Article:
The first day of September 2013 was a Sunday.
    I was the first runner to reach the finish line, and won the race.
  2. Most eminent or exalted; most excellent; chief; highest.
    • 1784: William Jones, The Description and Use of a New Portable Orrery, &c., PREFACE
      THE favourable reception the Orrery has met with from Perſons of the firſt diſtinction, and from Gentlemen and Ladies in general, has induced me to add to it ſeveral new improvements in order to give it a degree of Perfection; and diſtinguiſh it from others; which by Piracy, or Imitation, may be introduced to the Public.
    • 1880, S. W. Silver & Co, Handbook for Australia & New Zealand (page 146)
      It rose to be the first of pastoral regions, and continued until after the gold discovery to be the land of squatterdom.
    Demosthenes was the first orator of Greece.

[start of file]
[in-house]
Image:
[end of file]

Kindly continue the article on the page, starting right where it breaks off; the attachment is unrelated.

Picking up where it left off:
the first violinist
  3. Of or belonging to a first family.
    First Cat; First Daughter; First Dog; First Son
Related termsEdit


first (not comparable)

  1. Before anything else; firstly.
    Clean the sink first, before you even think of starting to cook.
    I plunged nose first into the water.
    • 1913, Joseph C. Lincoln, chapter 8, in Mr. Pratt's Patients:
      That concertina was a wonder in its way. The handles that was on it first was wore out long ago, and he'd made new ones of braided rope yarn. And the bellows was patched in more places than a cranberry picker's overalls.
    • 2013 June 29, “Unspontaneous combustion”, in The Economist, volume 407, number 8842, page 29:
      Since the mid-1980s, when Indonesia first began to clear its bountiful forests on an industrial scale in favour of lucrative palm-oil plantations, “haze” has become an almost annual occurrence in South-East Asia.
  2. For the first time.
    I first witnessed a death when I was nine years old.
  3. (Hong Kong, nonstandard) Now.[1]


first (countable and uncountable, plural firsts)

  1. (uncountable) The person or thing in the first position.
    He was the first to complete the course.
  2. (uncountable) The first gear of an engine.